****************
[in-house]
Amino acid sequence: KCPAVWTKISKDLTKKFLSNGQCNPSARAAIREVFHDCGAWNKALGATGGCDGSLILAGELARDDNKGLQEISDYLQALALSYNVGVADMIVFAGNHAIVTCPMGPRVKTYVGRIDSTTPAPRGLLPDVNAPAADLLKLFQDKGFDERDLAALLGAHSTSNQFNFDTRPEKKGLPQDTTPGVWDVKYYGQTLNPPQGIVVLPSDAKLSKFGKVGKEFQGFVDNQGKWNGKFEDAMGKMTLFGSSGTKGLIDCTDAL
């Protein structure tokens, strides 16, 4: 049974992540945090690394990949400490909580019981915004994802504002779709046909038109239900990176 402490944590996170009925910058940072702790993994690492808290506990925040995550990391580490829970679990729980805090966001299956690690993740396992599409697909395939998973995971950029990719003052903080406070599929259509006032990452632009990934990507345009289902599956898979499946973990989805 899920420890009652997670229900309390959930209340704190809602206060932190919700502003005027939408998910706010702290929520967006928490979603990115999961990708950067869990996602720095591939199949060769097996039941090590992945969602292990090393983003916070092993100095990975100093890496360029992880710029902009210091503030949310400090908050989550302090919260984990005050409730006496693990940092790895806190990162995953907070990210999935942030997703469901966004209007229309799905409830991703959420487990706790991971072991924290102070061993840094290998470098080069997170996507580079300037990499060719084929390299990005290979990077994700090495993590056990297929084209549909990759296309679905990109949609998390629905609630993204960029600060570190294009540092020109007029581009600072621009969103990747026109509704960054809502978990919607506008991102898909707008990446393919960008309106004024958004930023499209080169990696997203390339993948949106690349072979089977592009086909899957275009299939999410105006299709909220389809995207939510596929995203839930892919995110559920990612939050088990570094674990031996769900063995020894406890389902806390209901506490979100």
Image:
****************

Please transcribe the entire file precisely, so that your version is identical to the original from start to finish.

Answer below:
[in-house]
Amino acid sequence: KCPAVWTKISKDLTKKFLSNGQCNPSARAAIREVFHDCGAWNKALGATGGCDGSLILAGELARDDNKGLQEISDYLQALALSYNVGVADMIVFAGNHAIVTCPMGPRVKTYVGRIDSTTPAPRGLLPDVNAPAADLLKLFQDKGFDERDLAALLGAHSTSNQFNFDTRPEKKGLPQDTTPGVWDVKYYGQTLNPPQGIVVLPSDAKLSKFGKVGKEFQGFVDNQGKWNGKFEDAMGKMTLFGSSGTKGLIDCTDAL
């Protein structure tokens, strides 16, 4: 049974992540945090690394990949400490909580019981915004994802504002779709046909038109239900990176 402490944590996170009925910058940072702790993994690492808290506990925040995550990391580490829970679990729980805090966001299956690690993740396992599409697909395939998973995971950029990719003052903080406070599929259509006032990452632009990934990507345009289902599956898979499946973990989805 899920420890009652997670229900309390959930209340704190809602206060932190919700502003005027939408998910706010702290929520967006928490979603990115999961990708950067869990996602720095591939199949060769097996039941090590992945969602292990090393983003916070092993100095990975100093890496360029992880710029902009210091503030949310400090908050989550302090919260984990005050409730006496693990940092790895806190990162995953907070990210999935942030997703469901966004209007229309799905409830991703959420487990706790991971072991924290102070061993840094290998470098080069997170996507580079300037990499060719084929390299990005290979990077994700090495993590056990297929084209549909990759296309679905990109949609998390629905609630993204960029600060570190294009540092020109007029581009600072621009969103990747026109509704960054809502978990919607506008991102898909707008990446393919960008309106004024958004930023499209080169990696997203390339993948949106690349072979089977592009086909899957275009299939999410105006299709909220389809995207939510596929995203839930892919995110559920990612939050088990570094674990031996769900063995020894406890389902806390209901506490979100």
Image: